May 27, 2003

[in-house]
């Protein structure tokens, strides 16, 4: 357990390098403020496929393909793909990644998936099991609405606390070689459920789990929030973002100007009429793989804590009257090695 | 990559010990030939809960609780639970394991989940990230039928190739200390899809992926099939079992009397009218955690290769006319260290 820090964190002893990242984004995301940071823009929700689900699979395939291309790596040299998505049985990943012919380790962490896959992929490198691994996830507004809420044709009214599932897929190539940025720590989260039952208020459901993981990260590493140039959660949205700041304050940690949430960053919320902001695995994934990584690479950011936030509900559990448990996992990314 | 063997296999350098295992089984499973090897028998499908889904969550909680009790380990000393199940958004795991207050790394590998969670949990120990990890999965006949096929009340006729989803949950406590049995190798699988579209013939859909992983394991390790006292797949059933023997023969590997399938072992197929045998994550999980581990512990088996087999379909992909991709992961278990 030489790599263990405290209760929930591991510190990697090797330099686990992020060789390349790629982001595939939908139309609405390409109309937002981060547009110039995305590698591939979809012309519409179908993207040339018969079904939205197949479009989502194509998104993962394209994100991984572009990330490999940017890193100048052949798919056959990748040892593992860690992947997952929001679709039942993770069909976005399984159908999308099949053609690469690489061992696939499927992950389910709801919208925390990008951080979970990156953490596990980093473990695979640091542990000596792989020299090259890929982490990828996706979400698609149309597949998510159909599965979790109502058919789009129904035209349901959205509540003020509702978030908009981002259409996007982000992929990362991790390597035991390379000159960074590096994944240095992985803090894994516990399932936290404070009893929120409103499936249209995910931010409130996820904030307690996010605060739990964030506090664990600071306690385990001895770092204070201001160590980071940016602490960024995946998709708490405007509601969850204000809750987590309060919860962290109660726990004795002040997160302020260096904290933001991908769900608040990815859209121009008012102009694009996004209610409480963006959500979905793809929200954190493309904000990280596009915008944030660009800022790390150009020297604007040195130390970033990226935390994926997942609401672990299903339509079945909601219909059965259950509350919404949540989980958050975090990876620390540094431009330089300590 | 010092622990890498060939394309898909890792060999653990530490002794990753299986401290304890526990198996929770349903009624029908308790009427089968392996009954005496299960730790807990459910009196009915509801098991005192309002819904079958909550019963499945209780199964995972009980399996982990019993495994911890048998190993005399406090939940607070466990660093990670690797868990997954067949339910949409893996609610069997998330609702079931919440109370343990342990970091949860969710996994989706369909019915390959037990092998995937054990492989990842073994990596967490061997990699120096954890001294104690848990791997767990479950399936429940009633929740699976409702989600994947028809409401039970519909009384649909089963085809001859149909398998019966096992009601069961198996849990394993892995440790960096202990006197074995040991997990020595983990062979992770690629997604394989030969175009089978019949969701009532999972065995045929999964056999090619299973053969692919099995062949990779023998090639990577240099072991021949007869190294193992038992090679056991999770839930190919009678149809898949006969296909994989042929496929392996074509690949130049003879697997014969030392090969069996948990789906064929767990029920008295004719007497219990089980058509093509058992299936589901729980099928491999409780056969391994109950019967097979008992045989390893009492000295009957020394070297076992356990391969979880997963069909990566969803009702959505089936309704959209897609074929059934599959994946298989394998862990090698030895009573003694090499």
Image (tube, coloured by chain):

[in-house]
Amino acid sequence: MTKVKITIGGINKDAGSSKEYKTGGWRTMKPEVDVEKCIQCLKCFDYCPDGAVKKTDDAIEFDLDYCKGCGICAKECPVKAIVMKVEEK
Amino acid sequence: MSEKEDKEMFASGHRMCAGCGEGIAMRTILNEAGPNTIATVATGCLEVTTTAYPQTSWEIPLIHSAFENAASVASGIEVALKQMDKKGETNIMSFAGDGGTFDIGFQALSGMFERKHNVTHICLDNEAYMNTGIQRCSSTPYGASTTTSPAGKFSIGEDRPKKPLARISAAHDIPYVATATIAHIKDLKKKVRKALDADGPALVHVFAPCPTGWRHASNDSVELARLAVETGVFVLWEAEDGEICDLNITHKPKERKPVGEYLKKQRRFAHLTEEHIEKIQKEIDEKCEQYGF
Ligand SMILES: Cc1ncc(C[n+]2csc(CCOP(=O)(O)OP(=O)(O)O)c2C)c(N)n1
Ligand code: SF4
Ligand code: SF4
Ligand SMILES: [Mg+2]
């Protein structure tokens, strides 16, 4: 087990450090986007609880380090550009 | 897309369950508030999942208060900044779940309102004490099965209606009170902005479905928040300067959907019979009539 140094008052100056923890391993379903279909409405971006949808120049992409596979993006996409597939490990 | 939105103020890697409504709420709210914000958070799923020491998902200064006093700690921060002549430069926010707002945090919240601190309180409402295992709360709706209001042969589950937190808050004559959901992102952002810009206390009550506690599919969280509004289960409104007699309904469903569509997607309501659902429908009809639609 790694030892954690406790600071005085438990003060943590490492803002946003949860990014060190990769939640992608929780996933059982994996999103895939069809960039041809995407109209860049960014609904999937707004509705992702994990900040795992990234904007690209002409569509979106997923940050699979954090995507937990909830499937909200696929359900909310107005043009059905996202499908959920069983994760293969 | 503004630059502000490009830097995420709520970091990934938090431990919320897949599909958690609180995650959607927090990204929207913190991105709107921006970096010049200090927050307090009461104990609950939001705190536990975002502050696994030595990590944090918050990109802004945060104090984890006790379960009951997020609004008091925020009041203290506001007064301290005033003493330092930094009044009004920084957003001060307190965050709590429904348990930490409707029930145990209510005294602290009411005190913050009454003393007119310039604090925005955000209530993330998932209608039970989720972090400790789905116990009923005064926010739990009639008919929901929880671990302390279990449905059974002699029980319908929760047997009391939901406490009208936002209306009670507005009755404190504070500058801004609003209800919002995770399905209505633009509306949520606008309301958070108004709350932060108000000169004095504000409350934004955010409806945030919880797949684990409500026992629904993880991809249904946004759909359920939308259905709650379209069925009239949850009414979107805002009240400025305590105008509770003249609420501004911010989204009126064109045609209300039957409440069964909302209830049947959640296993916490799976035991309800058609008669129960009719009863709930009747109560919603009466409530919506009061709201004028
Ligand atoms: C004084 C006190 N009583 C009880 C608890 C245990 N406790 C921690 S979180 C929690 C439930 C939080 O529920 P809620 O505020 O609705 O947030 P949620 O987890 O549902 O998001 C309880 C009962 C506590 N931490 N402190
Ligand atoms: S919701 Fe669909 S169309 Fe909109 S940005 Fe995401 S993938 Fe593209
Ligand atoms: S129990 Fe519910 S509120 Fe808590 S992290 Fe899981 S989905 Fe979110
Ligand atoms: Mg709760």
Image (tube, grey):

Catawba alumnus makes $50,000 gift to Shuford StadiumGene Fuller '52 is quick to tell you that no matter how much he and his classmates “give to Catawba, the institution did more for us than we could possibly ever pay back.” He and his wife of 48 years, Jane Bost, recently made a $50,000 gift to the Shuford Stadium project as one way of saying, “Thank you,” to Fuller’s alma mater. The $4 million stadium project will conclude this summer, and regular season play is scheduled there beginning with the first home game, Sept. 6. The facility will have new bleachers and a seating capacity of approximately 4,000, nearly 1,000 more seats than the old stadium. Catawba College Senior Vice President Tom Childress called the Fullers’ gift “much appreciated.” He said Fuller saw a need and simply “tried to help fill it.” “This type of gift is very typical of Gene,” Childress said. “He loves Catawba and has, since his graduation from here, continually lent his support to her various projects.” “I’m very interested in athletics,” Fuller explained, “and I like football. I saw they needed some money on the stadium project, and I thought I could help out.” At the stadium, new concession stands are being constructed on both sides of the field, along with a larger press box, more restroom facilities, a coaches’ box where staffs can videotape and observe games, and a special area for seating guests of the college president. The stadium will be handicap accessible and include an elevator to the press box. The playing surface itself, Kirkland Field, will be redone to include drainage and irrigation. The track surrounding Kirkland Field will also be resurfaced. Project architect is Gray Stout of Salisbury, while the general contractor is Jarrell Construction. Fuller is a retired commercial real estate developer who makes his home in Charlotte. He was born and raised in Lumberton, the youngest of five children, and the first in his family to attend college. He chose Catawba because a couple of his friends were planning to go and encouraged him to join them. What he found was a close-knit college community where he “wasn’t just a number.” Fuller’s two sons, Mark and David, have followed their father's footsteps and have careers in commercial real estate sales in Charlotte. Fuller describes his family as “very close,” and is especially proud of his two grandchildren, Elizabeth, 13, and William Alexander, 15.
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